“Yes, of course,” Omar said immediately. Hicks was glad Kamal had picked up on Omar’s deference to the Almighty whenever the situation presented itself. “If you wish to discuss the matter further, I am at your disposal.”

“Good, because I will need you to be at my disposal tomorrow morning at ten. Have you or your men pick me up at the same place you’d picked me up this morning. I hope to have an answer for you by then.”

Via the OMNI feed, Hicks watched Kamal get out of the car and walk into the building. He watched the car pull away from the curb and drive down the street, only to stop next to a parked car on the other side of the street.

Hicks zoomed in on the image and saw Omar speak to someone in the other car, before driving away.

So Omar had someone watching Kamal’s place after all, Hicks thought. Smart. Like the old saying goes: trust but verify. Omar had learned a lot since losing two men in the park.

Hicks assigned the satellite’s software to detect the black box in Omar’s car and had the system track it passively, not visually. Satellites, even OMNI, had a limited bandwidth and he might need it for something else before the night was out. From now on, they’d have a record of everywhere that car went.

Hicks listened to Kamal’s labored breath as he walked up the four flights to his apartment. Prison life had clearly eroded his stamina. Hicks didn’t want to risk calling Kamal in case Omar’s men had snuck in and bugged the place since they’d left, so he sent him a text message instead:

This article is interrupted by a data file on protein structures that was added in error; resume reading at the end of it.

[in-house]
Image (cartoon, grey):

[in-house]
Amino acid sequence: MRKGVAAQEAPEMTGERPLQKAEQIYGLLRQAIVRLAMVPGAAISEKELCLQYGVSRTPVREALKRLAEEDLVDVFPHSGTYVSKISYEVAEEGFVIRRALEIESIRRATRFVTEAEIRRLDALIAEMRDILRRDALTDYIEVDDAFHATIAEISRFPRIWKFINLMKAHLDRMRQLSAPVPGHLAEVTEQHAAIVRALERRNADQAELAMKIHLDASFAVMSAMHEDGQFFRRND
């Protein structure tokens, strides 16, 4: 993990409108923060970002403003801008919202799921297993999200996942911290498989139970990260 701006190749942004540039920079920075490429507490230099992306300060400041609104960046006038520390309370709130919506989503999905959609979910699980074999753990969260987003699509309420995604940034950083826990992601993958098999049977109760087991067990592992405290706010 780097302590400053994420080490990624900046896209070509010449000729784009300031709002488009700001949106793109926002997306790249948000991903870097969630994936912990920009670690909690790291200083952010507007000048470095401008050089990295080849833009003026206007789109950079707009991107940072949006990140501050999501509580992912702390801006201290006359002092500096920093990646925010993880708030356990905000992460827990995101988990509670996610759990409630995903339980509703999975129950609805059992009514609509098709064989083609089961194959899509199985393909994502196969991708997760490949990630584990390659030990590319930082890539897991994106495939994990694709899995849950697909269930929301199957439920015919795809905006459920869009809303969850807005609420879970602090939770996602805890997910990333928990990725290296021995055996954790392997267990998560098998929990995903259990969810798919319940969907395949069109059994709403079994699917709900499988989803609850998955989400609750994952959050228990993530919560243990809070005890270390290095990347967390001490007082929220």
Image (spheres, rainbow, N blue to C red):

YOU’RE BEING WATCHED FROM THE STREET. CHECK FOR BUGS, THEN CALL ME.

Kamal’s response: K

Hicks listened to Kamal enter the apartment. He heard him put the keys and the

phone somewhere, possibly on the table. He activated the phone’s camera and got a great view of the apartment’s ceiling. He heard what sounded like Kamal checking around the apartment. After a few moments, he saw Kamal pick up the phone, open the flip and text him back:

PLACE HAS BEEN SEARCHED. DIDN’T FIND ANY DEVICES, BUT THEY COULD BE LISTENING. DON’T COME UP. SOMEONE IN THE ALLEY BEHIND THE BUILDING.

That was why Hicks hadn’t placed any cameras in the apartment. If they’d been found, Kamal would’ve been killed. Hicks texted back:

WE NEED TO DEBRIEF. EMAIL ME A REPORT.

Kamal’s response:

NOTHING TO REPORT. I SAW A DINER AROUND THE CORNER. MEET ME AT 0800. TALK THEN.

Hicks didn’t like that. He texted back:

NO. LEAVE NOW.

He waited for a response like some goddamned teenager waiting for a girl to text him back. But no response came.

Hicks knew he had options. He could’ve gone into the building next door, gone up to the roof and entered Kamal’s building that way. But Omar might be expecting that, so Hicks ruled that out.

He could call him anyway despite Kamal’s warnings, but decided not to do that either. He doubted Omar’s operation was sophisticated enough to have planted listening devices in the apartment. But he hadn’t expected Omar to have such an extensive network, either.